You should wear comfortable, loose-fitting clothing to your exam. You may be given a gown to wear during the procedure.  Metal objects, including jewelry, eyeglasses, dentures and hairpins, may affect the CT images and should be left at home or removed prior to your exam. You may also be asked to remove hearing aids and removable dental work. Women will be asked to remove bras containing metal underwire. You may be asked to remove any piercings, if possible.

You should inform the technologist if you have a pacemaker. Pacemakers do not hinder the use of CT as in MRI as long as the scanner will not be taking images repeatedly over the area of the pacemaker device in the upper chest. This is usually not an issue for cardiac CT exams.

You will be asked not to eat or drink anything for four hours prior to the procedure.

You should inform your physician of any medications you are taking and if you have any allergies. If you have a known allergy to contrast material, or “dye,” your doctor may prescribe medications to reduce the risk of an allergic reaction, or order a different test.

Also inform your doctor of any recent illnesses or other medical conditions, and if you have a history of heart disease, asthma, diabetes, kidney disease or thyroid problems. Any of these conditions may increase the risk of an unusual adverse effect.


DEXA (Bone Densitometry)

• No calcium supplements or osteoporosis medication 24 hours prior to your exam.
• No barium, nuclear medicine or I.V. contrast exams within 7 days prior your exam.
• Please wear comfortable clothes and avoid metal buttons or buckles.


Digital Mammography

For your convenience, please wear a two-piece outfit. Do not use deodorant, powder, or perfume under the arm or breast area.


Fluoroscopy

BARIUM ENEMA

 24-hour prep done the day before exam. 

Breakfast-Liquid diet; no sugar; no dairy

Lunch- Light lunch. Clear soup, unsweetened fruit juices, sugar-free gelatin, black coffee or plain tea. No milk or cream.

Dinner- Liquid dinner. Clear soup, unsweetened fruit juices, sugar-free gelatin, black coffee or plain tea. No milk or cream.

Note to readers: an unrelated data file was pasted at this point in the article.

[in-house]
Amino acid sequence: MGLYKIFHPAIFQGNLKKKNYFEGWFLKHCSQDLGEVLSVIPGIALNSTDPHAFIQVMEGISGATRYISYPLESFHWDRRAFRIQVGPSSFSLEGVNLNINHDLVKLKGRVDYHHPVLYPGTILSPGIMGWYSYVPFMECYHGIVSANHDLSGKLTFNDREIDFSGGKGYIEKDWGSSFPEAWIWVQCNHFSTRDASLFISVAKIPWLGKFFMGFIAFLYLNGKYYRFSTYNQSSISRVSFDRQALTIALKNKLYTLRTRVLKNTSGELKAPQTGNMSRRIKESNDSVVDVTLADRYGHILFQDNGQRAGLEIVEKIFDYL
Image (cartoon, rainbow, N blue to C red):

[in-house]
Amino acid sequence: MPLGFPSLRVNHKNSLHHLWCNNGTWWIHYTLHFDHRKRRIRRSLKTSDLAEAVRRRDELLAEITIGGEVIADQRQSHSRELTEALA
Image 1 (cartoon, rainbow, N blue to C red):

Drink plenty of water throughout the day (minimum of 60 oz)

Bedtime- Take 3 Bisacodyl tablets with water. Do not chew.

Morning of Exam

• Do not eat or drink. You may take any prescribed medications, except for those that must be taken with food.

• Administer Bisacodyl suppository.

• Diabetic patients may have a liquid breakfast (12 ounces of sweetened fruit juice) and take their medication.

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Gastrointestinal Series (UGI and/or Small Bowel)

•  Nothing by mouth after midnight (this includes water). No water should be drank after midnight.

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Intravenous Pyelogram or Nephrotomography

• Clear liquid diet (no milk products) starting at noon on the day before the exam. Sugar substitutes are permitted.

• Three Bisacodyl (do not chew) with two, 8-ounce glasses of water at 4:00 PM.

• Do not take anything by mouth 3 hours prior to the exam. You may take any prescribed medications except for those that must be taken with food.


Kyphoplasty

A clinical evaluation will be performed to confirm the presence of a compression fracture that may benefit from treatment with vertebroplasty or kyphoplasty. The evaluation may include diagnostic imaging, blood tests, a physical exam, spine x-rays and a radioisotope bone scan and/or magnetic resonance imaging (MRI).

You may be given bone-strengthening medication during treatment. You should report to your doctor all medications that you are taking, including herbal supplements, and if you have any allergies, especially to local anesthetic medications, general anesthesia or to contrast materials containing iodine (sometimes referred to as “dye” or “x-ray dye”). Your physician may advise you to stop taking aspirin, nonsteroidal anti-inflammatory drugs (NSAIDs) or blood thinners for a specified period of time before your procedure. You will need to have blood drawn for tests prior to the procedure to determine if your blood clots normally.

On the day of the procedure, you should be able to take your usual medications with sips of water or clear liquid up to six hours before the procedure. You should avoid drinking orange juice, cream and milk.

In most cases, you should take your usual medications, especially blood pressure medications. These may be taken with sips of water on the morning of your procedure. Other than medications, you may be instructed to not eat or drink anything for several hours before your procedure. You should plan to have a relative or friend drive you home after your procedure.


MRA (Magnetic Resonance Angiography)

If you need sedation for claustrophobia, you must have someone else drive you to and from your exam.  Please call your scheduled location for any additional questions.

• Do not wear jewelry

• Do not wear anything with metal (zippers, snaps, hooks.) Athletic wear with elastic waistband is a good choice.

• Patients having an MRI of the head or neck should not wear makeup


MRI